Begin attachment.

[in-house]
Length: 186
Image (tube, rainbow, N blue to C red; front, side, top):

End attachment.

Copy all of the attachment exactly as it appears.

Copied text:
[in-house]
Length: 186
Image (tube, rainbow, N blue to C red; front, side, top):